11/17/2012 11:28 am ET Updated Jan 17, 2013

Polar Bear Denning in a Changing World

Every winter, I head to Alaska's North Slope in the bitter cold to set up cameras near polar bear den sites, with a goal of recording the family's behavior after they leave the den but before they return to the sea ice. Drifts of snow blanket the tundra at that time of year -- and hidden under that snow, mother polar bears snuggle with young cubs that are still too fragile to venture into the harsh arctic environment outside.

In a warming world, we who work with polar bears have been taking pains to measure their response to the rapidly diminishing polar ice cap habitat that has declined by more than half in the span of four decades. Polar bears must have ice to hunt their seal prey. As the ice diminishes, so do polar bear populations. As it disappears, so do they. We see the effects of a warming world manifest in many aspects of polar bears' life cycle from reduced numbers to shrinking body sizes, from smaller litters of cubs to altered movement patterns, and so on. Like a vet studying a sick animal, we see many problems in the world of polar bears today.

I've been privileged to study their denning ecology as part of a study for Polar Bears International, focusing on the time polar bear mothers spend entombed in snow as they bear their cubs, and have documented changes there as well; changes not good in the long run. For example, polar bears have been entering dens later and leaving them earlier than they did three decades ago. In fact, along Alaska's North Slope we are seeing polar bears spending an average of more than three weeks less in dens than previously. Because sea ice freeze-up is occurring later each year, polar bears must wait and this is reflected in the times that they finally enter dens in the fall. Mother bears and their cubs leaving dens earlier in the spring isn't due to snow melting. It is most likely due to the mothers being in such poor condition that they cannot wait longer in dens for their cubs to mature, but have to leave or risk dying in the den. So they leave earlier than they otherwise would, thus exposing cubs to the harsh arctic environment before they are ready. Ultimately this will cost cubs' lives.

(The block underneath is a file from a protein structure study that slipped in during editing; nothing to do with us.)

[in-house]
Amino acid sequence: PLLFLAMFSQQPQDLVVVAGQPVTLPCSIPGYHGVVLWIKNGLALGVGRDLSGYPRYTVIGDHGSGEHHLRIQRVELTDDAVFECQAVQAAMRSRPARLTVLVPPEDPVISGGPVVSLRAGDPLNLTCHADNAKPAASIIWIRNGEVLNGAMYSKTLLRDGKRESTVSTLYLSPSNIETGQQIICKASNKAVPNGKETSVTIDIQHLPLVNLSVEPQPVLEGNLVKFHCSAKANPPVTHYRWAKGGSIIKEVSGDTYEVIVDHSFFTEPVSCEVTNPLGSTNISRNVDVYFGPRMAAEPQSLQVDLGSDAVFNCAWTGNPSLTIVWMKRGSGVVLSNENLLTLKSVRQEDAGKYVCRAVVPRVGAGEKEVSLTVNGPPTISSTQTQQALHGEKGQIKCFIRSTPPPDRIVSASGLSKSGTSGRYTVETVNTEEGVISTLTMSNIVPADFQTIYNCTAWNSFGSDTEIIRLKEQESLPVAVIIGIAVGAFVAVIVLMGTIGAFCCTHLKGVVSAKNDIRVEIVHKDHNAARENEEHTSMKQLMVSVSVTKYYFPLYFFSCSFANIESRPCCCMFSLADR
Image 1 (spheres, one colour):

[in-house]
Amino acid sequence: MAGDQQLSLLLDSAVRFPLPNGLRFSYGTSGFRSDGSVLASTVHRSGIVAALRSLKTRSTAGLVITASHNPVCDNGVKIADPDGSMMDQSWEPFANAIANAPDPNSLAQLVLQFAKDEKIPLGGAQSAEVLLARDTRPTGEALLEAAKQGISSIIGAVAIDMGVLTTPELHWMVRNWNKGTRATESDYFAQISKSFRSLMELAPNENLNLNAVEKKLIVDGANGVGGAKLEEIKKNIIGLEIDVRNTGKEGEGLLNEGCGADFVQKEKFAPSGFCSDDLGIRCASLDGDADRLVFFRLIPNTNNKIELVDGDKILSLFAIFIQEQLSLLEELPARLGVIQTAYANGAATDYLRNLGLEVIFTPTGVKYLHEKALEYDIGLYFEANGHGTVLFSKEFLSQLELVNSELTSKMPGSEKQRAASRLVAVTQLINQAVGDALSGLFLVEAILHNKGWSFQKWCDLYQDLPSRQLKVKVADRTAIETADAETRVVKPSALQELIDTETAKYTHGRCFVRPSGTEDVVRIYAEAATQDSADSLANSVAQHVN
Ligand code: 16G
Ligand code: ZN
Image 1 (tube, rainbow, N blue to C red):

Because sea ice is shrinking in both extent and thickness, bears that once denned on the ice now head for land where dens are more stable and safer for their cubs. A recent USGS study showed that the majority of bears now head for land, the opposite of what was the case three decades ago. This means that pregnant mothers must go much farther before they can den up, and they must go much farther than before to return to the sea ice and resume hunting seals. This lengthy migration costs them yet more precious calories and ultimately can make the difference between living and dying.

Just as your vet knows what is best for your pet, bear biologists know what the solution is for polar bears: stop habitat loss. This can only be done by lowering the earth's temperature so that sea ice can provide polar bears the ice habitat they need, both in extent and thickness. If melting continues as currently projected, the future is not bright for this species. Let's hope we can find the resolve to reverse this trend for this beautiful fellow citizen of Planet Earth before it is too late.


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